As federal leaders know all too well, collaboration among agencies on common missions is a rarity. The government is set up on a program-centric and agency-centric model, and having separate federal entities and programs work together to achieve a shared goal can be extremely difficult.
The exception to disconnected government comes during times of crisis when public attention is focused on a major problem and there is unity of action. This has been the case with the fight against terrorism since 9/11, and for natural disasters such as Hurricane Sandy in 2012.
In a new report titled “Building the Enterprise: Nine Strategies for a More Integrated, Effective Government,” the Partnership for Public Service (my organization) and Booz Allen Hamilton argue that cross-agency collaboration must become the norm rather than the exception.
The report calls for our government to act as a single, integrated enterprise — not a set of separate agencies and programs — in achieving important goals and to better husband its resources so it can begin to eliminate program duplication and overlap.
While the 2010 Government Performance and Results Modernization Act established cross-agency priority goals requiring collaboration, we found that the effort must be better integrated, expanded and given higher-level attention and commitment.
We need more focused leadership from the White House and the Cabinet, and a set of system-level changes that include designating leaders with increased responsibility to coordinate programs among multiple agencies, and developing a corps of career senior executives with interagency experience and a government-wide focus.
Creating wide-scale collaboration among agencies takes time, and there are certainly real limits and constraints on what individual agency leaders and managers can do. But that doesn’t mean you shouldn’t be looking for opportunities to coordinate with colleagues within and outside your own agency, and to engage with interagency working groups.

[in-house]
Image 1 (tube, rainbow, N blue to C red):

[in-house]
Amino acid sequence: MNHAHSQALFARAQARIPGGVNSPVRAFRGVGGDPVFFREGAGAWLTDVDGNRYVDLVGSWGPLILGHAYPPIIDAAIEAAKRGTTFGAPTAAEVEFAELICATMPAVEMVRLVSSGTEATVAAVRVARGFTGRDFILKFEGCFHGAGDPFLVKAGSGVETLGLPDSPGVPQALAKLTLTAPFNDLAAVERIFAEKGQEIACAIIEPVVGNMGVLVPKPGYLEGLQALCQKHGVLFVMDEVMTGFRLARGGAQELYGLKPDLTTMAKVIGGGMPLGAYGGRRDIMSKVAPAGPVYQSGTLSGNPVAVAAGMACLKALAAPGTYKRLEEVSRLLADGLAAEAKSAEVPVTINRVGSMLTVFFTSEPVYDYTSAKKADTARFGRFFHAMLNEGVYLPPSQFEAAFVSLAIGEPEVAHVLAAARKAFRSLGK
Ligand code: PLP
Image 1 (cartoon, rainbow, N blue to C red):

If you’re leading a program with some overlap, reach out to leaders with responsibility for other programs. Perhaps there will be ways to work together, and, at the very least, you can build stronger one-on-one relationships that may develop into something positive over time.
It also would be worth looking at an instructive Government Accountability Office (GAO) report issued last year. “Managing for Results: Key Considerations for Implementing Interagency Collaborative Mechanisms” describes how agencies can develop joint strategies, leverage resources, and define roles and responsibilities.
These type of reports offer food for thought regarding a more government-wide, enterprise approach to solving some of our country’s major challenges. I would be interested in hearing about your experiences regarding interagency projects including what’s worked, what’s failed, what types of obstacles have impeded progress and situations where there is clear evidence that this approach is needed. Please share your stories in the comments section. You can also send me an e-mail at email@example.com.
Tom Fox, a guest writer for On Leadership, is vice president for leadership and innovation at the nonprofit Partnership for Public Service. He also heads the Partnership’s Center for Government Leadership.